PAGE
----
be sufficiently competit INV fOr WM: companies to plan a full season.
There were two interesting developments in the paddock at Spa -or three, if you count the rumoured three-litre engine in John Fitzpatrick’s Skoal Bandit Porsche 956 driven by Thierry Boutsen and David Hobbs. At Brands Hatch Reinhokl Joest’s 956 did have a three-litre engine. we finind out subsequently. but it wasn’t enough to match the on-form Canon-Porsche fitr speed and it used too much fuel during the race. Fitzpatrick’s engines are now prepared by Charles Ivey and admittedly have SOIlle IleW developments though Fitz won’t confirm the actual capacity. Whether the engine was 2.8 strut full three-litres ,entirety legal, see hasten to add) it was, in Belgium, enough to enable Boutsen to claim pole position. More signifkam, perhaps. was Richard Lloyd’s new Canon Porsche 956B which has a new Nigel Stroud-designed chassis with better ground effect, improved suspension adjustment, revised steering 111,1 more powerful Al’ braking. The chassis 106B accepts Porsche’s normal engine ftanstnission pack and outwardly the ,:ar just the same as the other custom,cars, save perhaps the team’s own split kevlar rear wing and distinctive nose wing, now copied by rivals Fitzpatrick and )(test. The Canon Porsche driven by Jonathan Palmer and J. Lammers was fourth quickest in practice but, having been developed a Silverstone, was not quite at ease on the slower corners. With a far greater range of adjustment in the suspension it may rake the team a little 11111,e to find a routine of development at each circuit, but good progress was being made at Spa and it seas unfortunate that the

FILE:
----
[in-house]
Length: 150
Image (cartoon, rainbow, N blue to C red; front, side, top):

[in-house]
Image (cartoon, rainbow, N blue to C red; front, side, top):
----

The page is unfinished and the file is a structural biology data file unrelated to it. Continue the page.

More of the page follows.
factory-supplied clutch bellhousing fractured on the fifth lap of the race, inevitably causing retirement. It’s a sign of the times, perhaps, that the
first major devel,ments on the three-yearold 956 design should be undertaken by a private team. While Ickx and Mass were happy with the handling of their car, which Ickx put alongside Boutsen on the front tow of the grid, the other two team cars were both suffering from acute understeer and the drivers would have loved the (pportunity to try out a nose wing such as appeared to half a dozen customer cars. But being in the factors, team, of course. they couldn’t copv the customers! There is logo in the factory’s methods, though. because in most eases a nose wing merely disguises a fundamental imbalance which is better cured in the suspension department. Wigs should be put on afterwards to improve what is already good. 01 the Swiss Cheetah, Rav Mallock alAY remark,’ that they were now doing development work that Porsche would have done in private months ago.Chuck_ G nw raemiger’s e ear has been prevented time and again from making its d,:)but due to (t)hnrseats uf when it appeared it caused gRueit’eseal sb; Rather Porsche,like to appearance. haams Keylarcluksssti(wi m sseeigahrittitng,Niust 3,1 kilogr 580 bhP is ,msan,